3 Content Marketing Lessons from the Leaked New York Times Innovation Report

Guess what? Even the biggest and most respected companies know they have gaps in their strategies in the digital age. That is what we found out this week when the New York Times Innovation Report leaked to the world through BuzzFeed and Mashable. When you are on this side of the world, you always think about how far we have to go digitally. And so it is quite a comfort to know that even the best go through similar struggles. Here is one of the best content marketing case studies to have been handed to us this year and the lessons derived. (Find the report below)

You have great content, you need to reach more people

You know how we always think quality content will just be found? It’s not true. Oh, we are being modest. We do not want to brag. I know I think like that. The New York Times employed the same thinking until the report. It cites a scenario where The Huffington Post outshines it by using the Times’ own content! You know how we get mad at those sites that steal the content that we spent sleepless nights mulling over the piece? Yes, a HuffPost executive is quoted saying that “You should defend the digital pick-pockets from stealing your stuff with better headlines, better social.” Hmm…


Good content can be discovered by your loyal readers because they are bound to find you as they probably follow you on every network. In fact, they will retweet your stories and share them. But that can only go so far. We have to acknowledge that there are influencers out there who reach far more people and whose word is taken as gospel truth. If you know your content is great and will resonate with a certain influencer, hit them up. There is nothing wrong with promotion if you believe in your content or product.


User-generated content is one of the connection areas. It may be a tough place to go but we all know that having readers contributing to a blog or news site works wonders in growing your audience and maintaining loyalty. It’s an area the New York Times confesses to having issues in but it all starts with embracing the conundrum.

You must evolve

Whether it is a website redesign or better distribution strategies, you must evolve. Like the Daily Nation and Standard made their sites responsive. A look at the Internet Archive shows you how far the newspaper online editions have come. Daily Nation is offering ePapers now. There are a ton of ways to reach new audiences. Unlike the US where digital subscriptions are a norm, we are yet to get there here. The question is, will we be ready to launch when that time comes?

Daily Nation may be no. 1 in print but on digital, The Standard gives it some tight competition. Depending on the time of year, either of the two is ahead. The traffic and engagement stats are proof. Sometimes, really good journalism is discovered months later. If we are really a news website, shouldn’t Internet users discover these pieces immediately? There is nothing wrong with evergreen content but this is an indication of slacking in making articles discoverable within websites. In fact, if you keep hiding your news from back in the day, another new and obscure website will discover it and refashion it into their own traffic-driving content and they will do so without batting an eye or even breaking the law.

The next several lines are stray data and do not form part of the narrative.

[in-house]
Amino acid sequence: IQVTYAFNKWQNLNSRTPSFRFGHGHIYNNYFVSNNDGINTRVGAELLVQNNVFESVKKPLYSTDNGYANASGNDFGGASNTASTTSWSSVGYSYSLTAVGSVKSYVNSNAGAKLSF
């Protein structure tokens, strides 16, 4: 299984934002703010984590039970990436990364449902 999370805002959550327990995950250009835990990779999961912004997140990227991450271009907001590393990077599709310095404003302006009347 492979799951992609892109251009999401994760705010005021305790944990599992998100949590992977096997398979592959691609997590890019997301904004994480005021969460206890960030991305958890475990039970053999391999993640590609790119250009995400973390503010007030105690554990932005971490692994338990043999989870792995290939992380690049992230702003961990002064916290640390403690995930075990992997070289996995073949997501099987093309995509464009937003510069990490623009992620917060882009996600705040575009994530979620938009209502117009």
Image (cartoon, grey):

Get familiar with disruption. Do not ignore competitors

As defined in the report below, disruption is “a predictable pattern across many industries in which fledgling companies use new technology to offer cheaper and inferior alternatives to products sold by established players.” You know, like what smaller websites like Ghafla!Kenya and The Kenyan Daily Post have done. They came in and are taking over the Kenyan web gradually. They may be offering low-quality content that puts savvy readers off but they keep getting the attention of the layman on Facebook. Pretty soon, they may think of actually investing in quality and before the big kahunas know it, they have taken over the news scene. That is what happened with sites like BuzzFeed. The Kodak story is quoted yet again like in many other places before this report. Kodak laughed digital cameras off. Do you even remember what a Kodak film looked like? My eight-year-old baby sister has never heard of Kodak. Are you getting this? Even if the New York Times did not publish its Innovation report, it sure did its homework. It has a competitor cheat sheet that is thoroughly researched.

Other takeaways:

Your digital team has to work seamlessly with the content creators. Collaboration is the name of the game.

Experimenting never hurt anybody. It is the digital age. You have to offer more on the website. It is not a carbon copy of the print edition.

Improving your digital strategy does not mean you should stoop to the level of sites that you probably regard as too tacky. Maintain your quality content that makes our BBC (Born Before Computers) dads buy newspapers every day but makes the youth come to your website too. They are hungry for quality content, they just don’t know it yet. Only then will you be in a position to actually come up with subscription models that ensure your sustainability even in the paperless age. We may be years away from the New York Times strategy but we have learnt a lot. Hopefully, you will too, and do something. The good thing is that media houses in Kenya have actually acknowledged the power of digital, they just haven’t really pulled off solid strategies. This goes beyond media houses. It is for anyone in the content marketing business. Borrow a leaf and customize it to your needs.


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